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Harassment and bias still major issues for women in music, says study

As and InChorus release findings on music industry issues, we speak to women who have dealt with comments, encounters, and discrimination firsthand

It’s no secret that the music industry is a boy’s club. Back in September, and InChorus, two organisations fighting for inclusivity within workplaces, launched an online tool for people working in music to report harassment and bias. 

Now, that data has culminated in a newly released report, focusing mainly on microaggressions, which, according to she founder Andrea Magdalina, trigger the development of unhealthy workplace culture: “This type of subtlety is often unconscious and unintentional, and yet it has major repercussions on a company's culture, and the industry's social dynamics more widely speaking,” Magalina says in a release. 

The initial findings, based on the collected data, show that 75 percent of reported microaggressions are based on gender. The rest of the incidents make reference to age (eight per cent), ethnicity (eight per cent) and sexuality (six per cent).

While most of the reports in the study concern ‘insensitive comments/questions’ (22 per cent), ‘derogatory language’ (15 per cent), and ‘offensive jokes/banter’ (12 per cent), eight per cent of them refer to ‘unwanted physical contact’ experienced predominantly by women. The group mostly affected by physical harassment within the music business is women aged 26-35 with their perpetrators being Senior or C-suite men from the industry.

The organisations believe that in order to change the music business environment, the social issues within it have to be effectively identified and confronted. Rosie Turner, the co-founder of InChorus, said: “Through surfacing everyday instances of bias and harassment we are able to build up a detailed picture of what it is actually like to be working within the music industry.”

Ellie*, a publicist based in London who has held positions as a personal and creative assistant, told Dazed of her own experiences of microaggressions and unwanted encounters while working. “I've been lured to out of hours meetings under the pretence of being shortlisted for the exact job I moved to London for, to find that the slime ball literally just wanted to do lines of coke and sleep with me,” she says. “Of course, the role never existed. Once, a senior colleague shouted at me, asking who my father was – I obviously couldn't get the job on my own merit – so a family member must of been pushing for me to be at the label. The week after, she then went around investigating if there was anyone at the label I had slept with.”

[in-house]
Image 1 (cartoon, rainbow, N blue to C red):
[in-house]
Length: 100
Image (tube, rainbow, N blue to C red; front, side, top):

Lily*, a music PR in London, tells Dazed about her experiences of sexual harrassment while working with male music journalists. “As a music PR for festivals and clubs, I’ve been on the frontlines of creepy behaviour for years. Overseas press trips in particular are a hotbed for this sort of thing. On one particular press trip, a male journalist lent in and told me, uninvited, whilst watching a band, that he’d wanked off thinking about me the night before when he couldn’t get to sleep. He’d always be the last to leave the obligatory post-festival hotel room afterparty each night, loitering in female journalists’ rooms and propositioning them. His phone background was a pic of his girlfriend.”

Sophia*, a London-based music journalist shares similar experiences: “There’s been so many times on press trips where male journalists have loitered in my hotel room, refusing to leave my bed. There’s been times, especially when I was younger, that male journalists would purposefully get me drunk to take advantage of me. Other men on the trips would be aware of this, and instead of helping, make me feel weird for seeing it as anything other than flattery.”

For Lily*, the commodification of women is so deeply embedded in clubbing culture that sexist behaviour and microaggressions are regularly overlooked: “The commodification of women is so deeply embedded in club land, it’s hard to see it changing at times. Superfluous and often bizarre rules are applied only to female members of staff. One club I worked at, female bar staff weren’t allowed to wear tights, even in winter. The owner (a married old white guy who actually had an entire blog dedicated to tales of his predatory behaviour set up by former staff) would openly give girls a line at his desk if they sat on his lap to do it.”

Last year, Keychange, a pioneering European music initiative that focuses on rectifying gender imbalance, launched its manifesto. Zoning in on working conditions, the lack of senior role models for women, investments and funding, research into pay gaps and imbalances, and education. The manifesto has already seen over 130 festivals pledge to sort 50/50 gender balanced line-ups, and is calling for companies to anonymise the recruitment processes, create detailed ethics and safety politics around sexual harassment, and introduce leadership schemes for artista and professionals.

To tackle the bias, harassment, and microaggressions within the music industry, and InChorus will continue to publish the updated findings of the study on a regular basis. In 2020, the groups will launch an industry-wide unit set to improve the quality of workplace conditions in the music industry.